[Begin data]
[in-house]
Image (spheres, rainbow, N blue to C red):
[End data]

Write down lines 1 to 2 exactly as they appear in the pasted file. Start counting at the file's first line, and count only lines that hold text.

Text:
[in-house]
Image (spheres, rainbow, N blue to C red):